In Shakespeare's classic play, the Montagues and Capulets, two families of Renaissance Italy, have hated each other for years, but the son of one family and the daughter of the other fall desperately in love and secretly marry.
It's 1929. The studio gave the cinema its voice gave offered the audiences a chance to see their favorite actors and actresses from the silent screen era to see and for the first time can ... See full summary »
The Montagues and the Capulets, two powerful families of Verona, hate each other. Romeo, son of Montague, crashes a Capulet party, and there meets Juliet, daughter of Capulet. They fall passionately in love. Since their families would disapprove, they marry in secret. Romeo gets in a fight with Tybalt, nephew of Lady Capulet, and kills him. He is banished from Verona. Capulet, not knowing that his daughter is already married, proceeds with his plans to marry Juliet to Paris, a prince. This puts Juliet in quite a spot, so she goes to the sympathetic Friar Laurence, who married her to Romeo. He suggests a daring plan to extricate her from her fix. Tragedy ensues.Written by
John Oswalt <email@example.com>
Scenes of combat that will stir your pulse...tender haunting romance that will stay ever fresh in your memory...spectacular beauty that will set a feast for your eyes...in the greatest melodramatic romance of all time...presented as it has never been before...the final glorious flower of motion picture achievement.
Contrary to popular belief, this was not the first screen adaptation of Romeo and Juliet. A silent film was made in 1920, but all copies of the film have since been lost. See more »
Two households, both alike in dignity, In fair Verona, where we lay our scene, From ancient grudge break to new mutiny, Where civil blood makes civil hands unclean. From forth the fatal loins of these two foes A pair of star-crossed lovers take their life.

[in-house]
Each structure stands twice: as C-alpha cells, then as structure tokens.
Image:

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The fine cast and production make this adaptation of "Romeo & Juliet" a satisfying one, both as a movie and as a realization of Shakespeare's play. Most of the cast is matched up very well with their characters, and the lavish settings provide a good backdrop for the drama.
Although it's soon clear that Leslie Howard and Norma Shearer are quite a bit older than the original characters were, in other respects they are well cast. Shearer's eager innocence and Howard's refinement fit together well, and although they are clearly not the teenage characters of the original, their romance is believable and convincing in itself.
The other roles include some nice casting. Reginald Denny as the loyal Benvolio, Basil Rathbone as the hard-hearted Tybalt, and Edna May Oliver as Juliet's bustling nurse are all enjoyable to watch. But the highlight of the cast is John Barrymore, who steals every scene as the fun-loving, ill-fated Mercutio, a character who is well-suited to Barrymore's strengths. It's a blessing that at least one of Barrymore's numerous Shakespearean roles was captured in a film for posterity.
The script abridges many of the scenes for cinematic purposes, and it does well in fleshing out the basic story with the duels, festivities, and other events, at times also dramatizing developments that in the original text are only mentioned by the characters. Overall, it is a well-conceived, well-executed, and enjoyable movie version of the famous story.
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